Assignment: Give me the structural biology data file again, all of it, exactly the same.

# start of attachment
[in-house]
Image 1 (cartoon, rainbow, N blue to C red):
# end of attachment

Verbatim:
[in-house]
Image 1 (cartoon, rainbow, N blue to C red):